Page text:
Round up

Nils Hasenbein via pbs
Fri, 26 Mar 2021 03:11:13 PDT
Am 26.03.2021 um 05:14 schrieb Robert Lauf via pbs:

> Despite considering myself a master of the surgical strike

I can't tell whether the debate about Glyphosate is as intense in your 
countries as it is in Germany/the EU (As this subject quickly gets 
emotional at least here in Germany: This is not a comment on individual 
practices, which I am sure suit your own needs in the best way 
possible). Glyphosate has a bad reputation in Germany now, following the 
many hints that it may, in the long term and as a mass application, have 
severe impact on insect populations, likely larvae development and 
insect behaviour. The alleged (and in an increasing number of effects, 
proven) sideeffects of Glyphosate are hard to unravel, as we are near to 
blind to long-term effects (because no one funds research projects that 
long, and no substance would ever be on the market if we had to monitor 
its effects for twenty years first), and are likely dealing with the 
long-term effects of very small amounts of remnant original substance 
and its break-down substances on very complex systems (which is even 
more expensive to study). This also is, on this scale, something new, so 
naturally, research and regulations are lagging behind application.

Having some friends working with Bayer somewhere along the long chain of 
the admission process for new substances (its bittersweet that the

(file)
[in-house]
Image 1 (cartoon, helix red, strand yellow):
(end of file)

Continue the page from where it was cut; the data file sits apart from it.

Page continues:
increasing problems provide quite a few jobs for my fellow 
ecologists...), and after hearing some talks about it, my personal 
conclusion is that the main environmental problem with Glyphosate is a 
problem of application. The amount of Glyphosate needed to kill a plant 
is rather small, if it is applied at the meristeme/"growth tip". In 
bulbs, it seems very sensible that in order to "shoot to kill" a small 
amount all the way down through a hollow leaf would be enough, but 
depending on depth and width I assume it would work best if you apply it 
as deep as posible, e.g. with a syringe, which is a lot of work. For 
invasive bulbs, I have seen every Bluebell I had to dig as an 
opportunity to insert a bulb I like.  Now if bindweed had hollow stems, 
I would go to any length.

There have been funny concepts for single-drop application which would 
reduce usage and environmental impact dramatically, but only work on a 
"lab scale" so far. Maybe in the future automatic lawnmowers are armed 
to apply single droplets when their downward camera detects a plant it 
has been told to kill ... RoundUp was so (relatively) cheap and 
effective, that some people spray it like water - our direct neighbour 
used to soak the whole driveway in spring, though there is next to 
nothing growing there anyway. This kind of usage by a few in the long 
term makes things worse for everyone, including those using it 
responsibly. It's tiring to see that those who disregard the regulations 
for application in the first place are the among the first to complain 
when the substances they abused are strongly regulated or taken off the 
market. If, here in Germany, the concoctions of Glyphosate would be used 
according to instructions, both in gardens as well in agriculture, 
problems would be less severe. .

To conclude, thank you for the useful hints for application in general 
and on specific plants that have been given on the list, and I would be 
happy if you share your experiences wile refining your methods for 
"surgical strikes". Usage in gardens is not what caused the major 
environmental problems, but as gardens now play a large role in 
preserving insect species, herbicides should be applied with precision, 
as little as possible, and with maximum efficiency.



On a nice sunny morning in Germany

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